Aqueous cleaning incorporates water as its primary dissolving agent. Adjusting the pH levels of aqueous solutions helps in removing distinctive substances from different surfaces on industrial equipment. Acidic aqueous solutions can better remove rust, scale, and oxides from metals, while soluble aqueous solutions can remove oxides, salts, metal chips, natural soils and oil effectively.
The use of water-based cleaners depends on the type of application and other considerations such as budget and time constraints, tools and personnel availability, quality requirements, and maintenance. The following are six significant factors impacting aqueous cleaning results:
The physical action of moving the contaminated part in a cleaning solution is called agitation. There are different ways to accomplish this depending on the setup available, geometry and arrangement of a part, and kind of soil being removed. The main techniques used in agitation are as follows:
- Soaking involves placing a part that needs to be cleaned in a bath of cleaning solution for some time to remove any soils
- Hand Wiping involves scrubbing of a part utilizing a solvent and a brush
- Spraying involves removing soils from parts with the help of automated sprays of cleaning solution
- Ultrasonic cleaning involves removing dirt from parts using sound waves
Some of the advantages of agitation include breaking up soil molecules, moving soil away from parts, enhancing wash efficiency, and decreasing wash time. Some of the disadvantages of agitation include the limited type of equipment availability, damaging delicate elements, and specialty plating, and enhanced equipment cost and maintenance needs.
The type of cleaner used significantly affects how aggressively soil is removed from a contaminated area. It can either be a simple solution of soap and water or a complex solution containing different qualified cleaning chemicals. The ingredients used in producing a cleaner depend mainly on the condition of the surface, the material of a part or area, soil, and cleaning method. Overall, chemicals utilized in a cleaning solution include a base solvent, builders, additives, and surfactants.
Highly aggressive chemistry is required for effective cleaning while dealing with stable soils. Acid cleaners are more efficient against mineral scale, while caustic cleaners are more useful against carbonized dirt and heavy grease.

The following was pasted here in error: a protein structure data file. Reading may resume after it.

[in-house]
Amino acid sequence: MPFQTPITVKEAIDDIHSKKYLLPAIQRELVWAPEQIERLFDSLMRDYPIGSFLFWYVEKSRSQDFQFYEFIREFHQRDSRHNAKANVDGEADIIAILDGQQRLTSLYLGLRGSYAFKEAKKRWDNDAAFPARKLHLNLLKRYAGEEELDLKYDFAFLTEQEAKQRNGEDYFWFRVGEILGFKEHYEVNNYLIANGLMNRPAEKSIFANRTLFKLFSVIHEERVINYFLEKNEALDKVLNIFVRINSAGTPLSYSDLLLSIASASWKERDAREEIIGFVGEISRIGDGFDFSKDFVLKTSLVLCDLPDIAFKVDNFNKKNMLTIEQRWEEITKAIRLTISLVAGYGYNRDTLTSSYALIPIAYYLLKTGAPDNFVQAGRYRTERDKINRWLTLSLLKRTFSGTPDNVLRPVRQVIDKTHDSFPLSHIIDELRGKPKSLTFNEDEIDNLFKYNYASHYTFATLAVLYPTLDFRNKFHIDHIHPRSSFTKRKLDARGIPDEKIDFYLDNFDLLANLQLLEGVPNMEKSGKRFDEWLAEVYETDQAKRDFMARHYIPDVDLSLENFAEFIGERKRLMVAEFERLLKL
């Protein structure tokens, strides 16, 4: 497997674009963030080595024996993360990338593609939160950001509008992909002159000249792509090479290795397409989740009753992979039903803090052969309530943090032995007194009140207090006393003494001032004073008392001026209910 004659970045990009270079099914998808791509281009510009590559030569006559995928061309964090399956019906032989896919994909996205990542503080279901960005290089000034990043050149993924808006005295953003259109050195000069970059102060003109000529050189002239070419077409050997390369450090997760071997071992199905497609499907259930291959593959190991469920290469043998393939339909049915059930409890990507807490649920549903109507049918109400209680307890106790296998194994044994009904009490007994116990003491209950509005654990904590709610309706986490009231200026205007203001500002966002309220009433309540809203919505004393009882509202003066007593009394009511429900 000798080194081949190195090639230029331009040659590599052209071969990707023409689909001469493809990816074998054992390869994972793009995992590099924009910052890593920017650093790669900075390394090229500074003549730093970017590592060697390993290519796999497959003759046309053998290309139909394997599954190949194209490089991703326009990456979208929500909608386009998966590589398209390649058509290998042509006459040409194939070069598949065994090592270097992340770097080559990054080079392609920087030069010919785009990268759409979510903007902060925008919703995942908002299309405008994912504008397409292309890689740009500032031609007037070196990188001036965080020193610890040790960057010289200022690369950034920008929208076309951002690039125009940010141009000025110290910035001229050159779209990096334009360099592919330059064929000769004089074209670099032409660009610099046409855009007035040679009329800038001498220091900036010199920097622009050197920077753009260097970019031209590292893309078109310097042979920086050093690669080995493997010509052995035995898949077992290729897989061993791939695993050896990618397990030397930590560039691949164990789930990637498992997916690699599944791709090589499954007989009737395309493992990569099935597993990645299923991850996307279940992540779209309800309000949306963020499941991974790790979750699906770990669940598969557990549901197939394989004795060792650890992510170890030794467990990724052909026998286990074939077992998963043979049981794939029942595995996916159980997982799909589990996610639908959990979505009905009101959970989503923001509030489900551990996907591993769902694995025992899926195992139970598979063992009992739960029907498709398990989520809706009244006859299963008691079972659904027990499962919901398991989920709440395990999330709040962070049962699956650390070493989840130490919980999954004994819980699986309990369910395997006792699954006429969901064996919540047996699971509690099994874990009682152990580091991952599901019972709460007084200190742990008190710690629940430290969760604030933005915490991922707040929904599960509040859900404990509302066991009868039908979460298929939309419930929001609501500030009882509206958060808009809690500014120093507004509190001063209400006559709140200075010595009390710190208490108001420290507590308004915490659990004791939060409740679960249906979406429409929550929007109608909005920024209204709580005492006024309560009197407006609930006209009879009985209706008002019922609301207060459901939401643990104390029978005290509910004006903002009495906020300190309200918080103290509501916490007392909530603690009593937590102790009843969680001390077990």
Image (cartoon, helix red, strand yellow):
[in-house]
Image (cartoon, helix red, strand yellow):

Overall, higher temperatures yield better cleaning results as compared to lower temperatures. That’s because each step of the cleaning procedure occurs easier and faster as temperatures increase. From a chemical standpoint, reactions between solutions and soils occur at faster rates.
As temperature rises, the viscosity of soil reduces, allowing aggressive cleaners to penetrate through the soil more easily. However, the enhanced temperature is also harmful to a part surface, allowing etching or corrosion at a faster rate.
The results of specific cleaning processes depend primarily on the amount of time spent on cleaning. More significant cleaning times generally tend to learn toward surfaces and areas which require more attention. This means that the longer a part is scrubbed or sprayed, the longer the chemicals have to act on soils to remove them from a particular surface.
However, companies cannot afford to spend too much time cleaning as it leads to an increase in their overhead and labor costs. To overcome this issue, high-quality industrial cleaners with aggressive chemicals can be used for effective cleaning results.
A sufficient amount of rinsing is needed to not only get rid of soil but also the cleaner to avoid residues. While using an aqueous solution, a proper rinse is crucial for accomplishing comprehensive cleaning of the parts or areas. Some of the benefits of rinsing include removing chemical residue and surface oil, preparing a surface for the next manufacturing step, and protecting parts by adding a corrosion inhibitor to rinse water.
Water left on any surface can result in corrosion or interrupt post-cleaning procedures, which is why the importance of drying shouldn’t be ignored. Drying the part is just as important to accomplish good cleaning as other steps, especially before NDT inspections. Some of the advantages of drying include preventing parts corrosion, eliminating water residue, and keeping the surface clean.